While more than 18 million people in the U.S. continue to collect unemployment benefits, the pandemic has led some more fortunate American workers to save money and even plan for an early retirement.
The transition to remote work while earning a pre-pandemic income has encouraged less spending and more storing up for another day. Personal savings hit a historic high in April when economic uncertainty prompted more Americans to stockpile cash, and while the personal savings rate has fallen significantly since then, it's still at levels not seen since 1975.
The pandemic has also affected Americans' expectations for retirement. A recent study by Northwestern Mutual shows that while 20% of Americans expect that the pandemic will force them to retire later than they'd previously expected, another 10% expect to retire early. That number is even higher among millennials, 15% of whom now expect to retire early.
Millennials are almost twice as likely to be thinking about early retirement as Gen Zers and almost three times as likely as Gen Xers, according to the survey. One reason is that millennials are "reimagining what their life is going to look like," says Chantel Bonneau, a Northwestern Mutual advisor in San Diego.
On paper, that can make sense. Millennials are digital natives, and many of them transitioned to remote work without much problem. Some ditched pricey apartments in expensive cities and moved to cheaper areas or even back home with their parents.
That combination of factors has allowed some millennials to reevaluate their lifestyles and their savings, and it's made them ambitious about how far their money can take them, Bonneau says. She cautions, however, that these conditions may not last: Rent in a smaller city may be cheaper now, but it likely won't stay that way.
And companies are still figuring out the kinks of broad work-from-home policies, she says. In other words, some jobs could start offering their remote employees less money. "What people are not taking into consideration is if a company can support a work-from-home environment, they may not be forced to pay a big-city salary," Bonneau says, because those employers "now have a broader pool of talent to look for."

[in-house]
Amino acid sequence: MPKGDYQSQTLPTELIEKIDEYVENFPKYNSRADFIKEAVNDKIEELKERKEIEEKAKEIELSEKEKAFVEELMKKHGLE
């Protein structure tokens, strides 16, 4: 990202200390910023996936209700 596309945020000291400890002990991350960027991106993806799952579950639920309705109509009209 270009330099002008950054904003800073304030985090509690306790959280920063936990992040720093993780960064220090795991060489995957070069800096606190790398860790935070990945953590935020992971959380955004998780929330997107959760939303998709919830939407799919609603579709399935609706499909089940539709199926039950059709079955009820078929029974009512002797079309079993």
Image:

Those longer-term shifts, along with normal retirement expenses for medical care and increased costs of living, could come as rude awakenings later on for people now planning to clock out early, Bonneau says.
Overall, millennials "might be a little bit more optimistic on their ability to pull their finances together before they approach retirement," Bonneau says. And they do have several advantages over, say, Generation X: For example, they have more time with which to invest and grow their wealth.
Retiring early is a lofty endeavor, but with enough time and the right planning, it can be possible — even during an uncertain time like a pandemic.
"You can find opportunity during uncertain times like this one, especially if you want to start investing," Kristy Shen recently told Grow. She and her husband began investing in the stock market during the Great Recession and retired a decade later in their 30s after growing their assets from $135,000 to seven figures.
Video by Stephen Parkhurst
Investing is indeed the key to retiring early, Steve Adcock, who retired at 35, recently told Grow. "When I think about building wealth, it helps me to see it as an equation: Wealth = Income + Investments - Lifestyle. Nobody ever got rich just by saving money," Adcock said.
That simple formula included prioritizing paying off debt and downsizing his discretionary budget by more than a third: He and his wife went from spending about $65,000 in 2014 to $40,000 two years later.
Both paying down debt and supersizing your savings are key tenets of the FIRE (financial independence, retire early) movement, which, as its name implies, encourages people to leave their careers in their 30s or 40s. FIRE also encourages you to adopt side hustles (which could later became a main job) and to meticulously track your financial progress and net worth.
That attention to detail was crucial for Adcock and his wife, who could "tell you how much [they] spent on sweet potatoes during the course of the year."
But the cornerstone of Adcock's early retirement plan was investing in everything from riskier stocks to more traditional employer-sponsored retirement accounts, he says. And whatever your method, it makes sense to give your money as much time as possible to work for you. "The earlier that you begin investing, the more money you stand to earn," Adcock told Grow.
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